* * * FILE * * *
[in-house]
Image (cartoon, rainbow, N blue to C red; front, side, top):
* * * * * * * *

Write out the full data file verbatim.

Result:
[in-house]
Image (cartoon, rainbow, N blue to C red; front, side, top):